Covid erodes gains in fight against TB
The Covid-19 pandemic has reversed gains made in the fight against tuberculosis.
Latest World Health Organisation’s (WHO) 2021 Global TB Report shows more people died of the disease in 2020, with fewer people being diagnosed and treated or provided with preventive treatment compared to 2019. Approximately, 1.5 million people died from TB in 2020, including 214,000 among people with HIV.
Report further shows increase in the number of TB deaths occurred in 30 countries with the highest burden of the disease. Governments’ spending on TB has been declining across the globe, the WHO report avers.
Disruption of TB services, according to the report, was mainly due to reduced resources as human, financial and other resources were reallocated to tackle the more urgent Covid-19 pandemic.
Rampant lockdowns limited movements, making patients struggle to seek TB care and treatment.
Challenges of providing TB services were severely disrupted in 2020. For instance, the number of people newly diagnosed with the disease and those reported to national governments fell from 7.1 million in 2019 to 5.8 million in 2020.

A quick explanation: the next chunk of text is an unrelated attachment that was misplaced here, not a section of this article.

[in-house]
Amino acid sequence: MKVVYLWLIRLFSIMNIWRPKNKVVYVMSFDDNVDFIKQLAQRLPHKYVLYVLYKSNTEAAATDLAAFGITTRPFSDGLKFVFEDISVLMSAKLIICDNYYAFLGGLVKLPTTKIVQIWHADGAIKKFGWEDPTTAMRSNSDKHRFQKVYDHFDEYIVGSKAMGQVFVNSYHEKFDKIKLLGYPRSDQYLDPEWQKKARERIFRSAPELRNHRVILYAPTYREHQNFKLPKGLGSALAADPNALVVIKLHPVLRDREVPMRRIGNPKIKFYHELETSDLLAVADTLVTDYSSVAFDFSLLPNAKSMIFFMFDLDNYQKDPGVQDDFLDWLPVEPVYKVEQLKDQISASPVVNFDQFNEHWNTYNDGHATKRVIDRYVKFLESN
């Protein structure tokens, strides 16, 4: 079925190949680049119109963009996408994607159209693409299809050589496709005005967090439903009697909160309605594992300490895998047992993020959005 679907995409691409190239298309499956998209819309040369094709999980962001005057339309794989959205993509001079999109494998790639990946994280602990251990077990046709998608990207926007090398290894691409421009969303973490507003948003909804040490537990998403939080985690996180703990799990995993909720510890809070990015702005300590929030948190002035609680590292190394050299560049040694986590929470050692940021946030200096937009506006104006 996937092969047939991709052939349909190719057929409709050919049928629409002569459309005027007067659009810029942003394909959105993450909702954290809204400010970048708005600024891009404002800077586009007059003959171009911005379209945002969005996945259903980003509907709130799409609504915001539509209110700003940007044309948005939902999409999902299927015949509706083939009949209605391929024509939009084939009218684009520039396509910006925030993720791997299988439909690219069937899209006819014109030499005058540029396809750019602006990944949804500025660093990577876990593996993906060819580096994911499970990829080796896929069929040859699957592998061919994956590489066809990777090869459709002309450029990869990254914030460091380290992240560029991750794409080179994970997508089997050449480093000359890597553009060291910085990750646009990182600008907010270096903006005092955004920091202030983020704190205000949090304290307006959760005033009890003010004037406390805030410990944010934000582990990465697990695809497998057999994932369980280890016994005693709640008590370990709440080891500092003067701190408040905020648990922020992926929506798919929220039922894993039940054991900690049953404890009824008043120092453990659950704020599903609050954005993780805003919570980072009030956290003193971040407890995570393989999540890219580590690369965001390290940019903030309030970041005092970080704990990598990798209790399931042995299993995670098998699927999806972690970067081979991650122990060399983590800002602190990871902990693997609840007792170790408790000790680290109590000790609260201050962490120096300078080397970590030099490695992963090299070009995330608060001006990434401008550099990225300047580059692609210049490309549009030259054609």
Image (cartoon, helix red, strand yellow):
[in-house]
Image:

WHO says most people who develop the disease are adults –in 2020 - men accounted for 56 per cent of all cases, adult women accounted for 33 per cent and children for 11per cent.
Many new TB cases are attributable to five-risk factors-undernutrition, HIV infection, alcohol use disorders, smoking and diabetes.
“This report confirms our fears that the disruption of essential health services due to the pandemic could start to unravel years of progress against tuberculosis,” said Dr Tedros Adhanom Ghebreyesus, WHO Director-General.
Ghebreyesus says the report must serve as a global wake-up call to the urgent need for investments and innovation to close the gaps in diagnosis, treatment and care for the millions of people affected by TB.